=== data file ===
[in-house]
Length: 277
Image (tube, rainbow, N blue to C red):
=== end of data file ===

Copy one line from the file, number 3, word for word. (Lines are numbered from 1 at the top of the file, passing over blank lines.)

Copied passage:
Image (tube, rainbow, N blue to C red):